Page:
Before considering the future of foreign political donations in our political system, some extra reflection on what is involved is called for. Foreign donations to political parties may be only the tip of the iceberg. Political causes and interests are so entangled across the globe that money comes into Australia for all sorts of purposes. Any move towards regulation should consider whether it should apply to pressure groups, movements and lobbyists as well as to parties.

Some interventions come from business interests via multinational corporations and through influential business friends, whether they be British lords or American tycoons. Political commentary comes from foreign-owned media. The trade union movement has an international organisation, at present headed by an Australian, Sharan Burrow. Right back during the Great Strikes of the 1890s considerable international financial support flowed in on both sides to employers and unionists.

Foreign governments duchess Australian politicians in various ways, through their involvement in international study tours for future leaders and cross-party friendship groups for all MPs. From their point of view it is all about educating Australian parliamentarians in their country's history, society and culture. The Cold War was fought out in Australia in this way in the 1940s and '50s by the United States and the Soviet Union. There are similar foreign-government financed programs for travel, research and study by academics.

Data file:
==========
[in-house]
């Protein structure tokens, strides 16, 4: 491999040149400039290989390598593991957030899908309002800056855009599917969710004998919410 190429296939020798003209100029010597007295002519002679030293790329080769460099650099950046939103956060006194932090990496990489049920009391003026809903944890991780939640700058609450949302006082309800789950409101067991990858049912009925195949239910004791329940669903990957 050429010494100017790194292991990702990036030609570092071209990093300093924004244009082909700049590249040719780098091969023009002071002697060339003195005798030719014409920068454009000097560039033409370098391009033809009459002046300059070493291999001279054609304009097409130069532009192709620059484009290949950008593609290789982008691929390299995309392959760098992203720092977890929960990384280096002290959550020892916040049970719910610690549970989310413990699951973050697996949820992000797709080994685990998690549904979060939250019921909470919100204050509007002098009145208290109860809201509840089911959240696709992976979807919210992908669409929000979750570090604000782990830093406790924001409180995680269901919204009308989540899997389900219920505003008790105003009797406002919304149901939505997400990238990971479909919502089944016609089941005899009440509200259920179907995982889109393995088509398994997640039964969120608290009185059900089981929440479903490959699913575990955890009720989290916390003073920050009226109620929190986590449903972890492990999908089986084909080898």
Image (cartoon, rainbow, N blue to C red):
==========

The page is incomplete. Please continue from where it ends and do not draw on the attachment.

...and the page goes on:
Nation-states lobby the Australian Parliament directly too. The first lobbying register, from 1983 to 1996, included a special Foreign section to recognise there was something special about it. Any big tender competition, such as the recent one to build Australia's submarine fleet, may be conducted between private corporations but these foreign governments, whether German, Swedish or Japanese, take a keen interest and engage in diplomatic lobbying in support of their own corporations.

All social policies also have an international dimension. This applies to a matter like same-sex marriage, which may be the subject of a plebiscite next February. Both sides in this debate, whether they are churches or secular organisations, are part of broad international movements and associations within which there is a free flow of money and personnel. It would not surprise if the plebiscite campaign had an international flavour as international speakers have already played a part in Australian debates.

Foreign interventions in Australian debates and controversies are commonplace. They are embedded in our political system. Both sides of politics not only partake in them but depend on them for business as usual. Any attempt to regulate these interventions therefore must take the form of cultural change.

Such change is difficult to bring about because it brings short-term pain for long-term gain. In our party political system it always takes two to tango but someone still needs to take the first step. That first step should be a circuit-breaker that will administer a positive shock to the system.